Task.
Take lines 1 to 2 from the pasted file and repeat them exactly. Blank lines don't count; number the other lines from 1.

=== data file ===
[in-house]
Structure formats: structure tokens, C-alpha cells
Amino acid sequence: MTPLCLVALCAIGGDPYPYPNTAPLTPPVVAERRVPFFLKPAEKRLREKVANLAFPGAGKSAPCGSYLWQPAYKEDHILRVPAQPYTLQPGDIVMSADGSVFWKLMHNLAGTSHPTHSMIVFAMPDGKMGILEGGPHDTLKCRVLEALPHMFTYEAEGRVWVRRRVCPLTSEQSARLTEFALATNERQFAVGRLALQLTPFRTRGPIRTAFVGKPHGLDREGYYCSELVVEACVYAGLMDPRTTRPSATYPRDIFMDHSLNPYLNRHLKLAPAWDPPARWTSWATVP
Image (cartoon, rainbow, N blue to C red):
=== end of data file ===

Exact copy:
[in-house]
Structure formats: structure tokens, C-alpha cells